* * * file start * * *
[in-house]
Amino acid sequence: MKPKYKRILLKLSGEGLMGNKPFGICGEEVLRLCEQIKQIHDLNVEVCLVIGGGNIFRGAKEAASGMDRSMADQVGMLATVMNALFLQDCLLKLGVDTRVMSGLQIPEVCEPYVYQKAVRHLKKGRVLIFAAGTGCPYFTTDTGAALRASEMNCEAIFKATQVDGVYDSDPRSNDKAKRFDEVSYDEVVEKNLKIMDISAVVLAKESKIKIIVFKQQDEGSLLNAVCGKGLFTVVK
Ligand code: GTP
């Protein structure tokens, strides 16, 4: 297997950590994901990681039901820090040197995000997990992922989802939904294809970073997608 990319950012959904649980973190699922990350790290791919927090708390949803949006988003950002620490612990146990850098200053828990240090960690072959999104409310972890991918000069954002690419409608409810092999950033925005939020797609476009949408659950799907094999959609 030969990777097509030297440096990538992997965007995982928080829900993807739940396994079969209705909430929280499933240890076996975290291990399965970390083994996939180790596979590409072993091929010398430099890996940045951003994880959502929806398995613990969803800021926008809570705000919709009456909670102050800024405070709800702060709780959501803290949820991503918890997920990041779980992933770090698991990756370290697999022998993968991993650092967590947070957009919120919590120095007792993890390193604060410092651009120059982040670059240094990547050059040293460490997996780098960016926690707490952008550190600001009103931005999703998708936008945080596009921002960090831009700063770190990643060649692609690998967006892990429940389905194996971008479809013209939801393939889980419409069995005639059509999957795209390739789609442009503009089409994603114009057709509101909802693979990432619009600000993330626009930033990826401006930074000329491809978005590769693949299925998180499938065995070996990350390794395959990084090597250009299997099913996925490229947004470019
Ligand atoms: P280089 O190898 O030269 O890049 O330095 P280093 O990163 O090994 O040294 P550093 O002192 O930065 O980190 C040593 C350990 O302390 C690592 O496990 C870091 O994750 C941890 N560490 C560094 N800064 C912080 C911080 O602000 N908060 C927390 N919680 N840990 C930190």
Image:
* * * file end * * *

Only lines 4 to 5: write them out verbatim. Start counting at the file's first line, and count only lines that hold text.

């Protein structure tokens, strides 16, 4: 297997950590994901990681039901820090040197995000997990992922989802939904294809970073997608 990319950012959904649980973190699922990350790290791919927090708390949803949006988003950002620490612990146990850098200053828990240090960690072959999104409310972890991918000069954002690419409608409810092999950033925005939020797609476009949408659950799907094999959609 030969990777097509030297440096990538992997965007995982928080829900993807739940396994079969209705909430929280499933240890076996975290291990399965970390083994996939180790596979590409072993091929010398430099890996940045951003994880959502929806398995613990969803800021926008809570705000919709009456909670102050800024405070709800702060709780959501803290949820991503918890997920990041779980992933770090698991990756370290697999022998993968991993650092967590947070957009919120919590120095007792993890390193604060410092651009120059982040670059240094990547050059040293460490997996780098960016926690707490952008550190600001009103931005999703998708936008945080596009921002960090831009700063770190990643060649692609690998967006892990429940389905194996971008479809013209939801393939889980419409069995005639059509999957795209390739789609442009503009089409994603114009057709509101909802693979990432619009600000993330626009930033990826401006930074000329491809978005590769693949299925998180499938065995070996990350390794395959990084090597250009299997099913996925490229947004470019
Ligand atoms: P280089 O190898 O030269 O890049 O330095 P280093 O990163 O090994 O040294 P550093 O002192 O930065 O980190 C040593 C350990 O302390 C690592 O496990 C870091 O994750 C941890 N560490 C560094 N800064 C912080 C911080 O602000 N908060 C927390 N919680 N840990 C930190």